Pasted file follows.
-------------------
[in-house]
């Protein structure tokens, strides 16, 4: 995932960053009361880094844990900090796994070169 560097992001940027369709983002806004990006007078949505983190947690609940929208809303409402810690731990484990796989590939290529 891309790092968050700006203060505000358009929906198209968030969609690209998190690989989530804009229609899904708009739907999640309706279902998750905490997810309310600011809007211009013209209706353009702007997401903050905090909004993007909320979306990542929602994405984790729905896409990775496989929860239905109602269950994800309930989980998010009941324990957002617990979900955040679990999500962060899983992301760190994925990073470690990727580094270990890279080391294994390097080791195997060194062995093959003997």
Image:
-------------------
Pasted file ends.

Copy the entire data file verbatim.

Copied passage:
[in-house]
């Protein structure tokens, strides 16, 4: 995932960053009361880094844990900090796994070169 560097992001940027369709983002806004990006007078949505983190947690609940929208809303409402810690731990484990796989590939290529 891309790092968050700006203060505000358009929906198209968030969609690209998190690989989530804009229609899904708009739907999640309706279902998750905490997810309310600011809007211009013209209706353009702007997401903050905090909004993007909320979306990542929602994405984790729905896409990775496989929860239905109602269950994800309930989980998010009941324990957002617990979900955040679990999500962060899983992301760190994925990073470690990727580094270990890279080391294994390097080791195997060194062995093959003997």
Image: